2 stroke spark plug color chart

Pb_user_/ October 2, 2012/ 2 stroke spark plug color chart/ comments

My friends at OSDparts. If you have one, contact me with description and price. Have you had a bad experience with a dealer, repair shop, or engine rebuilder? If so, now you can post your experiences here. Hopefully this page will help others avoid the same fate!

Check out this Gauge repair kit! Jet Pump Rebuilding Services. PWC Engine Ref. Change your pump oil every 50 hours and you'll save money in the long run! Battery dying in your Trim equipped up Sea Doo? Disconnect your VTS unit. If that fixes the problem the module probably has failed due to moisture. Every time you have your engine compartment open, grab the motor and give it a pull to make sure your motor mounts are in good shape. Broken mounts can cause driveline and pipe problems if not caught early!

Save money and time by doing repairs yourself instead of using a dealer! The area above is always changing so check back often as links are added. Spark Plug Reading Info. This info mainly pertains to 2 strokes at this time but may be updated at a later date.

Reading your spark plugs is a valuable tool for performance tuning as well as for identifying possible problems with the mechanical condition of your engine. Below are descriptions with pictures of different plug appearances and their causes.

Later I'll be adding a section on plug reading as well. Normal Appearance - This is a perfect plug.By using our site, you acknowledge that you have read and understand our Cookie PolicyPrivacy Policyand our Terms of Service. It only takes a minute to sign up. If I'm using a spark tester with an adjustable gap set to the correct gap for my car's ignition system voltage, what should the spark look like?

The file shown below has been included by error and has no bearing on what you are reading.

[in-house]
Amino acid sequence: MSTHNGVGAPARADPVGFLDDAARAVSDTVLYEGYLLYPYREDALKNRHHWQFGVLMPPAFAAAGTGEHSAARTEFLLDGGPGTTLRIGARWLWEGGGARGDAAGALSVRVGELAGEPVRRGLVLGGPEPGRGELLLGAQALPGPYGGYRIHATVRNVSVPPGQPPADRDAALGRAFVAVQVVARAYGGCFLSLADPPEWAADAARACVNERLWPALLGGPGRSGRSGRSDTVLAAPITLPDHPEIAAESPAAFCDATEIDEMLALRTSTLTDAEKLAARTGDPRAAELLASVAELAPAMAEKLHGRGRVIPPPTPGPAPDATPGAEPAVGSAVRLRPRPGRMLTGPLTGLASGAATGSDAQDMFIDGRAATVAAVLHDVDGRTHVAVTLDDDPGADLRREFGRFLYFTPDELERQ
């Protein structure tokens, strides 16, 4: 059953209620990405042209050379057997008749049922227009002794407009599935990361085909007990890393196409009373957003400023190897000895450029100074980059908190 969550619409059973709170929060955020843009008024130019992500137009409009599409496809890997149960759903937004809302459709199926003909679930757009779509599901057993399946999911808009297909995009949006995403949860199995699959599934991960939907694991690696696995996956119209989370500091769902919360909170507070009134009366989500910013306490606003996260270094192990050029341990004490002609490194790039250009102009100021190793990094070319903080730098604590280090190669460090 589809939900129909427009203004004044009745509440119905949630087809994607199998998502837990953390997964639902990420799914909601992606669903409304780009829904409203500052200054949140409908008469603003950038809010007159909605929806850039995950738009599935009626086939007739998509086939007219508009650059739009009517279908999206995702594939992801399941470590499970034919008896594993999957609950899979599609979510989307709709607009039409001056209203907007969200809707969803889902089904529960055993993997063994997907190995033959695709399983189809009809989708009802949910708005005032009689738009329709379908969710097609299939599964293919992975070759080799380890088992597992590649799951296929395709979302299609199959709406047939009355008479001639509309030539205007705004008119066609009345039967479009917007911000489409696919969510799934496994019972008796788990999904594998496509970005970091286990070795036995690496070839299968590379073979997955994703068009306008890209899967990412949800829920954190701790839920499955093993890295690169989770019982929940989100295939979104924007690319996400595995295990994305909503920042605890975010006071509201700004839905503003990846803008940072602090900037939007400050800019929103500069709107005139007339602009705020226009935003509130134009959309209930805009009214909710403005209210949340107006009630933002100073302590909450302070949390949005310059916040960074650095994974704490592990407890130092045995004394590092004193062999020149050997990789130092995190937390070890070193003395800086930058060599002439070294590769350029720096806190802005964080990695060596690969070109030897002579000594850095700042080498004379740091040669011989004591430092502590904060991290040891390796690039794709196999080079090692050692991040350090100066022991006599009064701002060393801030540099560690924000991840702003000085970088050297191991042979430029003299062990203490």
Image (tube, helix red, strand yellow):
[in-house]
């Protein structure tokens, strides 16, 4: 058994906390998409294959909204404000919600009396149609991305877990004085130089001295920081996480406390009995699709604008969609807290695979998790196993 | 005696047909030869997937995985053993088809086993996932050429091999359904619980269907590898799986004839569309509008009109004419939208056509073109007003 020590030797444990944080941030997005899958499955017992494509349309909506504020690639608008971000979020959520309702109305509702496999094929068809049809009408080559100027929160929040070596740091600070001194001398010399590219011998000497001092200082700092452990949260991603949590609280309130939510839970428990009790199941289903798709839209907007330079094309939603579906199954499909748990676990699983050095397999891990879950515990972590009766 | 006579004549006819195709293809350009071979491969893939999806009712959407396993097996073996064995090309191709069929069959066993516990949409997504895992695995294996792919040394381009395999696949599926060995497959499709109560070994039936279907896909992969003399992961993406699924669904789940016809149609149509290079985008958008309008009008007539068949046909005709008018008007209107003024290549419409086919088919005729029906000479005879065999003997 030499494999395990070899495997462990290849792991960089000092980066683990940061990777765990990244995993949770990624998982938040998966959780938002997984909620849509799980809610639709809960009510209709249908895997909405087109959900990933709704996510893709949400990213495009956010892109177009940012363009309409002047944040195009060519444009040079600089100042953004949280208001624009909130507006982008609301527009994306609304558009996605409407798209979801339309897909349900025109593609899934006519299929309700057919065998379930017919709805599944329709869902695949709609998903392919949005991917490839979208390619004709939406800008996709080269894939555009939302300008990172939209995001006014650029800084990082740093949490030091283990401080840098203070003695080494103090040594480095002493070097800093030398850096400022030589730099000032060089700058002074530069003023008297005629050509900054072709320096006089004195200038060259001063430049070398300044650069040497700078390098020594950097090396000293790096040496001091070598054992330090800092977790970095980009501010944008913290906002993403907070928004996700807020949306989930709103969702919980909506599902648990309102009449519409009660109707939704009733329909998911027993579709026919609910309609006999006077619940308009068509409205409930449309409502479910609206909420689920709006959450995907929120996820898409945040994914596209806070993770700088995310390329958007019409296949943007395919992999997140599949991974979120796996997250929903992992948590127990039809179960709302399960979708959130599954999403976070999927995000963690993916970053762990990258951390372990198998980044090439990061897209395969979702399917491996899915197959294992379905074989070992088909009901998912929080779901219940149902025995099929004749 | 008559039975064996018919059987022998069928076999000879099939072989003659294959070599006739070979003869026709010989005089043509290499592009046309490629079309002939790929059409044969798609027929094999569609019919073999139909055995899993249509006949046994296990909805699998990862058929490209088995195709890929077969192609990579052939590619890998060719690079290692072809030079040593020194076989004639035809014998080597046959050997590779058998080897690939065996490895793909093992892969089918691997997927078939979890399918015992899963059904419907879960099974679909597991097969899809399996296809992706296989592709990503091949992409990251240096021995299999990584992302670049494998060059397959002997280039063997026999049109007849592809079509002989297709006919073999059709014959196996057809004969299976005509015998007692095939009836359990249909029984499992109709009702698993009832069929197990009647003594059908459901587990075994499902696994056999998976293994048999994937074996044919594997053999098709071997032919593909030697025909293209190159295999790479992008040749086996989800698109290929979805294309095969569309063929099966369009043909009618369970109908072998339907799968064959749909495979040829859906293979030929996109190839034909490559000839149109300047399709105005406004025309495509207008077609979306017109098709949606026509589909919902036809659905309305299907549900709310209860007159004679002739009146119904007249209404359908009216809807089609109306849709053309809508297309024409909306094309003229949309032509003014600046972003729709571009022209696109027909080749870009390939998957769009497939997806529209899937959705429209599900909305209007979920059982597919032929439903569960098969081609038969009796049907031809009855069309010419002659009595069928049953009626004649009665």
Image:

I ask because I've seen conflicting opinions on this matter. For example, this Brigg's and Stratton site says:. A bright blue spark is best. Not true. Spark color determines virtually nothing. The hottest spark is ultraviolet which we can't see. Blue spark is cold in comparison to ultra-violet. Orange and yellow come from particles of sodium in the air ionizing in the high energy of the spark gap. However, they are talking about small air cooled engines, and are using a specific Briggs and Stratton spark tester with a fixed gap for small air cooled engines, the model.

Here's another person saying spark color doesn't matter:. I might note though that the very fast, very high voltage sparks in todays systems usually are not blue. Your mileage may vary. This poster on another site responding to a similar question about the above Briggs and Stratton quote says :. On an automobile ignition system the spark should be bright blue. That's because the compression ratio is higher than that on an air cooled small engine.

An automobile engine operates under a transient condition where the RMP's change so fuel demand changes.

Spark Plug Reading Info.

Where with most air cooled small engines they operate under a static condition or a steady state. Compression ratio of an engine and the amount of fuel being delivered can have an effect on how well the spark plug fires. This is called quenching the spark. A low compression engine running at a steady state with a constant fuel supply won't quench even a spark plug with a yellow spark.

But on an automotive engine with a higher compresssion ratio and under transient conditions the yellow spark can get quenched thereby causing a misfire. Here's another guy saying basically the same thing :. I use mine in line between the spark plug installed normally in the engine and the plug wire. You can then also increase engine rpm to verify spark at higher speeds. My experience has shown a strong blue spark with a noticeable popping noise in a healthy ignition.

The gap is determined by the amount of voltage generated by the ignition, spark plug gap, and the compression ratio. Most manuals will give an air gap recommendation for a spark test.